Zia-ud-din Barani wroteTarikh-i-Firozshahi Barani was an exact contemporary of Ghiyas-ud-din Tughluq, Muhammad-bin-Tughluq and Firoz Shah Tughluq. His work Started with Balban and came down to the sixth year of the reign of Firoz Tughluq. The work was completed in 1359 and thus was the most important work on the Khalji period, the reign of Muhammad-bin-Tughluq and a part of Firoz Tughluq's reign. The chief merit of the book is that, as the author held an important post in the revenue department, he was fully acquainted with revenue administration which he has been described in details.

Tarikh-i-Masumi

Tarikh-i-Masumi or Tarikh-i-Sindh is another written source by Mir Muhammad Masum or Bhakkra. This book was written sometimes in 1600 A.D.. Tarikh-i-Masumi gave us a in depth history of Sindh from the date of its conquest by the Arabs till the days of Akbar the great Mughal. The book is divided into four chapters. It gave us a clear picture as to how Muhammad-bin-Qasim conquered the land and what was condition of Sindh, just in the eve of Arab conquest.

Other Books

Apart from these works there are other chronicles as well which deserves mention. They include the works like-Zaina-ul-Akhbar by Abu Said, Tarikh-i-Masudi by Abul Fazal Muhammad-bin-Husain-al-Baihaqi,. It should be mentioned that some of the general works composed in the time of Akbar are also useful for this period like Akbarnama and Ain-i-Akbari by Abul Fazal, Muntakhav-ut-Tawarikh of Badaun, Tabqat-i-Akbari of Nizam-ud-din Ahmad and Tarikh-i-Farishta by Hindu Beg. Tuzuk-i-Baburi is also an important work which deals with the history of the closing phase of Lodi dynasty.

Travel Stories

The travel-stories written by travelers are of great importance for constructing the history of medieval India. The great Turkish traveler Al-Beruni was one of the earliest travelers in India. His famous work is known as Al-Beruni's India. The Italian traveler Nicolo Conti travelled India in 1520. He also gave a vivid account of the manners, customs and conditions of the people of India. Domingos Paes was a Portuguese traveler who also visited Southern India. He also left a detailed description of Vijaynagar. Edoardo Barbosa visited India in 1516 and gave a detailed description of Vijaynagar and Southern India of the period of our study. The world famous traveler Marco Polo visited Southern India in the 13th Century. This travels of Marco Polo is a significant book for the study of Sultanate India. A Persian traveler Abdur Razzaq came as an envoy to the king of Vijaynagar where he stayed for a year from 1442 to 1443. He had given a vivid and realistic account of political, administrative, economic and cultural account of Vijaynagar. There are some literary works as well like Amir Khusrav's Qiran us-sadain and Ain-ul-Mulk Multani's Munsha-i-Mahru which are also worth mentioning works in this regard.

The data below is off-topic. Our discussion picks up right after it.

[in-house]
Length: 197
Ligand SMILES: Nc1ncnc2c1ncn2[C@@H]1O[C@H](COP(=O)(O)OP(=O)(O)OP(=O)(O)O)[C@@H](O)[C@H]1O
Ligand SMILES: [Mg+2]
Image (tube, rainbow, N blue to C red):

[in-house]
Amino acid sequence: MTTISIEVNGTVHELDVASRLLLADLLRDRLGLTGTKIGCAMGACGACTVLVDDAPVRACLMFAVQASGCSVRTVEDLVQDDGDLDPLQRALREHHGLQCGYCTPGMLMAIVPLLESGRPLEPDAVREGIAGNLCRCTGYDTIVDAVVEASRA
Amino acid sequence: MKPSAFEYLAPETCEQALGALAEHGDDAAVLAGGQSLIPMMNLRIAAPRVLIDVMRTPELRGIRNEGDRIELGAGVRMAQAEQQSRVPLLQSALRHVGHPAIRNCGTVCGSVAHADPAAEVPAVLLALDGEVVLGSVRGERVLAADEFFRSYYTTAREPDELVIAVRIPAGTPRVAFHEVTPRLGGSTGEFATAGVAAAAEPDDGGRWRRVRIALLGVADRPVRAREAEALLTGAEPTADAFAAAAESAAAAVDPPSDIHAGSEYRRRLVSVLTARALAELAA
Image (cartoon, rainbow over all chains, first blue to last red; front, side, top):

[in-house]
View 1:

Coins and Monuments

The coins and monuments are important sources for the construction of the history medieval period of India. The Sultans were great lovers of architecture. The architecture which the Turkish conquerors of India brought in this land in the last decade of the twelfth century was not exclusively Muslim or even Arabian. Rather their buildings had the influence of indigenous art traditions. Balban built the Red Palace. Alauddin-Khalji built the Jamait Khan Masjid at the shrine of Nizam-ud-din-Auliya and the famous Ali Darwaja at the Qutub Minar. The Tughluq's erected the tomb of Tughluq Shah, the city of Tughluqabad and Kuffa Firoz Shah. Sikandar Lodi also built Moth Ki Masjid. Sultan Qutubud-din-Aibak constructed the famous Quwat-ul-Islam mosque at Delhi, the Dhai

Din ka Jhoupra at Ajmer, the Qutub Minar at Delhi. There are several other like architectures scattered in many provinces like Multan, Bengal, Gujrat, Malwa, Jaunpur, Kashmir and Dakhin also helped us to form a comprehensive idea about the history of the Sultanate period of India..

Style of art and architecture

The Sultanate introduced two new architectural ideas, the dome and the pointed arch. The dome was an important decorative structure in Islamic buildings, and soon was implemented in other structures as well. The pointed or true arch that was introduced during this period, was completely different from the type of arches that were being constructed within the country earlier. The earlier Indian style of creating arches was to first put up two pillars. The pillars would then be cut at intervals accommodate 'plug in' projections. There would be a sequence of squares that would gradually decrease in size creating an arch. The new artisans introduced the true arch. This was achieved by making the middle stone a key stone and to have the other stones distribute the load of on the two pillars. Conclusion

Painting, also form a significant source to provide the first hand information which has not been earlier utilized in the context of the study of Sultanate period. From these paintings we get visual information, which we may not get from the written text. These painting have illustrated the culture of the period, glimpses of the customs, status of women and influence of composite culture after the coming of the Turks to the country in Thirteenth century. It was a fusion of Persian as well as indigenous elements. Numerous painting of early medieval times exhibit outdoor scenes. They cover the various aspects of everyday life. These paintings show women at work also.